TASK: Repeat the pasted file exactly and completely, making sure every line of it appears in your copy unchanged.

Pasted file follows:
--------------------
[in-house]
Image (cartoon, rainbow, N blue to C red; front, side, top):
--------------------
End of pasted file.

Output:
[in-house]
Image (cartoon, rainbow, N blue to C red; front, side, top):